Discussion in 'Aircraft' started by GunSlinger86, Aug 15, 2017.
My fault guys!!!! I thought there was a disconnect The peril of getting older I have to go to work now but will cut and paste this back together ASAP. The fact I am still working is scary !!!
This "work" you speak of...
Didn't the P-47 have the same engine as both the Hellcat and Corsair? The only difference is frame design and wing area?
Yes, the Pratt & Whitney R-2800. You are also correct, the P-47 was considerably larger than both the Corsair and Hellcat, (The biggest single engine fighter of the war), but the Hellcat, and Corsair especially, weren't small either.
So technically since the P-47 was larger than both and performed well over 400 mph in the European theater (the latest model got to around 470 mph to chase down V1s), than the Hellcat and Corsair could have done the same?
Not necessarily, the P-47 had to be extensively modified to reach such speeds, the Corsair's later models (I'm talking Korean war here) could possibly reach those speeds, but the Hellcat most certainly couldn't. The Hellcat topped out at 400, and trying to squeeze out another 70 mph would be a miracle without changing the design and power plant of the aircraft.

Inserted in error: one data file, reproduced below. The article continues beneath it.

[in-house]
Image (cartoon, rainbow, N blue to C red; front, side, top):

In a sense...Yes, the F6F, F4U, and the P-47 all used the P&W R-2800 "Double Wasp."
Technically, however, no the F6F, F4U, and the P-47 all used different engines.
The F6F mainly used the R-2800-10 and -10W engines.
The F4U mainly used the R-2800-8 & -8W engines.
The P-47 used mostly the R-2800-21, -59, -63
The later P-47 engines had more horsepower and maintained that horsepower to higher altitudes, while the F6F and F4U engines would drop off.
I know this site has been posted before, but it has been a while since I had seen it come up.
The premier website on WW2 aircraft performance data...
WWII Aircraft Performance
looks like an awesome morning coffee read.